The project is currently self-funded by the project founder. As the research progresses it is hoped that other private, but non-conflicting, funding will become available to continue increasing the personnel, facilities, and other resources necessary to improve the breadth and depth of the research.
The first stages of this project began in 1985, with an active revival in 2004 through interaction with various universities and organizations.
The project has been advancing each year since. The project founder, Hawke Robinson, first began formally researching the educational and social impacts of role playing games in 1985 in response to the barrage of negative press and public misinformation about role playing games popular in the 1980's, especially Dungeons & Dragons. Further development in consideration of broader psychosocial impacts from role playing games resumed with a series of essays written for the Therapeutic Recreation and other departments at Eastern Washington University beginning in 2004, followed by a number of successive documents and publications continuing to develop more detailed hypotheses, theses and series of research projects.
There are scores of existing RPG-related research projects, but most have been just meta research or correlative data or a few individual case studies, with very narrow data-sets, very small in scale, and/or only over a very short time line.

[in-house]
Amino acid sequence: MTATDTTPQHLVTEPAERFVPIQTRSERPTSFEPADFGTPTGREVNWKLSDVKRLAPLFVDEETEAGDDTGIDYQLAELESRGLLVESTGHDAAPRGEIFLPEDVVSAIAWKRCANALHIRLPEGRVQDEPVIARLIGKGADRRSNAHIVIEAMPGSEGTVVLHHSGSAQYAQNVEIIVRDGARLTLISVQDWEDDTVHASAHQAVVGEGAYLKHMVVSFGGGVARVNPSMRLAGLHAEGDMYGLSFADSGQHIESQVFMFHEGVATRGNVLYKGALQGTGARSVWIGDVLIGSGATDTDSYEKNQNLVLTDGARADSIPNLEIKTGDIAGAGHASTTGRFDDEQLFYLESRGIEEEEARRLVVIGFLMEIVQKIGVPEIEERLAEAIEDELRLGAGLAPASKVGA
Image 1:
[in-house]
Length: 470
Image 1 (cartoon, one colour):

Over many years, the long term intention of RPG Research is to implement a series of studies using many different population groups meeting the following goals:
Attempt to verify or invalidate existing correlative and meta-research results. Much of the existing research is dated from the 1980's and 1990's. Attempt to bring the research up to date, and verify if there are any statistically significant differences found between role-playing gamers and the general populace, at difference age and other demographic levels. Topics to check/verify: levels of depression, social alienation, IQ, personality types, incidents of occultism, belief in paranormal, emotional stability, dissociation, suggestibility, incidents of substance abuse/addiction, suicide rates, antisocial personality traits, problem solving skills, math skills, verbal skills, writing skills, research skills, history skills, spacial relations, organizational skills, team coordination skills, leadership skills, strength of ethics, morality, convictions, religious belief, feelings of social alienation or stigma, criminal behavior/history, propensity for violent thoughts or behaviors, adaptive versus rigid/maladaptive personality traits, aggressive/competitive versus cooperative, racial and gender stereotype attitudes, foreign language adoption levels, levels of empathy, deviancy, pathology, levels of mental illness and/or co-morbidity, and demographics statistics.
Attempt to differentiate between correlative and causal data related to role-playing gamers. When possible, use blind, double blind, and triple blind study methodologies.